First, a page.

All four of these books have stretched me in different ways: I’ve learned more about Tibet and what happened on the island of Guernsey in the second world war, but more than that, I’ve loved the spirit of the women who went out there and found these stories. Even in the most challenging of circumstances, there is always a touch of magic. Stephen King has strengthened my writing muscle, and Von Franz has enriched my understanding of femininity, giving me a new list of questions for journaling …
A Beginner’s Guide to Changing the World (Bloomsbury) – Isabel Losada
Isabel Losada is a single parent from Battersea, with limited means and an irrepressible spirit. With enthusiasm, determination and humour she crusades to raise public awareness of the injustices in Tibet – an adventure that includes a daring publicity stunt on Trafalgar Square, an unforgettable trip to Lhasa via Nepal (where she falls mildly in love with a monk) and the thrill of a private audience with the Dalai Lama. In this honest, entertaining and inspirational account, she exposes the heartbreak of the Tibetan situation without becoming gloomy, and proves that one person really can make a difference.
On Writing (Hodder & Stoughton) – Stephen King
I’m not a fan of Stephen King’s dark and uncomfortable stories, but if you want to know about the craft of writing best-selling fiction, he’s the master. His schedule is rigorous: four to six hours every day in a closed room. He aims for 10 pages or 2000 words at a sitting and completes the first draft of a novel in no more than three months. But then, as he points out, ‘talent renders the whole idea of rehearsal meaningless; when you find something at which you are talented, you do it until your fingers bleed or your eyes are ready to fall out of your head… if God gives you something you can do, why in God’s name wouldn’t you do it?’ This book is partly his riveting personal story and partly a funny, generous guide to wannabe writers who, if they absorb nothing else, will never forget that the adverb is not their friend.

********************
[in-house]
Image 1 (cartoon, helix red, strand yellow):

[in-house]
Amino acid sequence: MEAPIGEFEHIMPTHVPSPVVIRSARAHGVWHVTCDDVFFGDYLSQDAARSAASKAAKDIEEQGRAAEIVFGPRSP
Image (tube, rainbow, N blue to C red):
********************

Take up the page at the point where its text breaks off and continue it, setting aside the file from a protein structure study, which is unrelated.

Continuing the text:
The Feminine in Fairy Tales (Shambhala Publications. Revised edition: 1993. First published as ‘The problem of the feminine in fairy tales’ based on a series of lectures given at the C.G. Jung Institute in Zurich, 1958 – 59.) – Marie-Louise von Franz
This one jumped off the shelf at the library when I was trawling the psychology section for material on archetypes. Von Franz did this work more than 50 ago and her writing style has a formality that indicates that English is not her first language, and yet the book is accessible to the layman. Her analysis of the symbolism in fairy tales – particularly Sleeping Beauty – makes for interesting reading. Her comments about the fundamental nature of women are unfashionable at a time when we are so careful not to make generalisations about gender, and yet they point to deep creative processes and intuitive strengths that we’d be wise to reclaim.
The Guernsey Literary and Potato Peel Pie Society – Mary Ann Shaffer
Anyone not read this one yet? It’s a wonderful, poignant and uplifting story about the dark days of the second world war and the impact of all that horror on the peaceful island of Guernsey. The author (who died soon after completing this tribute) could have produced a harrowing read; instead, she uses a present time setting and the medium of letter writing to create distance and objectivity. It’s a sort of 84 Charing Cross Rd meets Schindler’s List meets Sleepless in Seattle.
The protagonist, Juliet, is a novelist looking for material for her next book. She’s intrigued to learn of the existence of a Literary and Potato Peel Society and begins a correspondence with Guernsey islanders to find out more. Through their eyes we get under-stated glimpses of the desperation they endured, but we also get caught up in their vivid characters, present-day concerns, and a gentle, hopeful love story that changes Juliet’s life forever.